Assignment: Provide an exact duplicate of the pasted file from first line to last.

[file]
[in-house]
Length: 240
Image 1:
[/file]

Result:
[in-house]
Length: 240
Image 1: